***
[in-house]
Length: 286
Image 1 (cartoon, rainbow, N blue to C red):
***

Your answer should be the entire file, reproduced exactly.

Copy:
[in-house]
Length: 286
Image 1 (cartoon, rainbow, N blue to C red):